Measuring audio involves determining which yardstick you want to use. The same audio signal can be described several ways, and all are correct.
We can take a handful of sound (don’t try this at home) and call it +4 dBu. That same amount of sound can also be labeled:

1.228 Vrms
1.736 Vp
3.472 Vpp
1.781 dBv
4.000 dBr
4.000 dBm
2.510 mW
-4.000 dBrinv

And these are only the analog labels.

Let’s begin by finding out what a dBu is and why we started with four of them.
The sounds you hear are caused by changes in air pressure. According to reference books the smallest change in air pressure you can hear is 20 x 10-6 Pascals (Pa) which is also equal to 0 dBspl. The loudest sound (excluding certain rock concerts) humans can tolerate is 200,000,00 x 10-6 Pa. This is a ratio of 10,000,000:1. This range is too large to work with in everyday measurements.
Some people at Bell Labs created a scale with fewer numbers. They named the units Bels, after Alexander Graham Bell (I bet you always wondered why the B is capitalized). This scale is a measurement of power differences. It’s the logarithm of the ratio of two powers. This is expressed in the equation:

Power (Bels) = log (Power 1/ Power 2)

In the range of discernable sound the result of this equation is usually less than one. Since the people at Bell labs were trying to make the scale easier to use, they added a factor of ten. This is written as the letter ‘d’. We now have the ‘Decibel’ (dB). Remember any decibel scale is a power ratio and can be used for anything from the noise level of an avalanche to the power output of a satellite transmitter. The reason for so many different kinds of decibel scales is that different applications have chosen different standards of reference.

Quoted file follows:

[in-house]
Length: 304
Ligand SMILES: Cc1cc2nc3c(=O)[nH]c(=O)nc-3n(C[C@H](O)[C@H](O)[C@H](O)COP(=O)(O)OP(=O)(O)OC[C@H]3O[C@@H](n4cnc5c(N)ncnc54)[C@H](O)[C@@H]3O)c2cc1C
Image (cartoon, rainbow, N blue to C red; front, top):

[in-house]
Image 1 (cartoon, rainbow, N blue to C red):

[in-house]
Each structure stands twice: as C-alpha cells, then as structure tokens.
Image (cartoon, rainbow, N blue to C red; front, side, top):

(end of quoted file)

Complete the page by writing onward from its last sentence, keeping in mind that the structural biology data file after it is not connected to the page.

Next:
This leaves us with the ‘u’ in dBu

As soon as we transmit analog audio by means of a wire, we’re dealing with the laws of electricity. A sine wave (tone) signal can be expressed as a voltage level (Vrms). Since a decibel is a ratio, there has to be a reference. To find this magic number we have to go back about sixty years (yes - they had sound back then). All audio equipment had an input impedance of 600 ohms. This impedance value of 600 ohms goes even further back in history. When audio was transmitted over long distances, the length of the wires approaches the electrical wavelength of the signal. Termination of the signal was required to avoid reflective noise in the system. Six hundred ohms was used as a standard.
The measurement device of the time was a swinging needle gauge called a VU (Volume Units) meter. Sixty years ago it was decided that the zero reading on the meter would be equal to a power level of 0.001 watt or 1 milliwatt (mW). Since we know the resistance (600 ohms) and the power level (1 mW) we can calculate the voltage required to zero the meter as 0.774596669 Vrms. In the last sixty years the industry has gotten away from the 600 ohm standard. A rounded figure of 0.775 Vrms is still used as the standard reference.
Finally, using that voltage level as the reference, we have another decibel-style equation.

Voltage expressed in dBu = 20 log (Voltage1/0.775 Vrms)

This used to be called dBv but that was often confused with another measurement (dBV) so it was changed to dBu. TAADAA, we now have dBu.

Why +4 dBu

This level was chosen as a ‘Standard Operating Level’ because it provides sufficient headroom and is far enough above the noise floor to avoid distortion at the inputs and outputs. This insures that the signal will retain its integrity while traveling between components. In most cases the signal itself will be recorded as 0 dBu on the tape.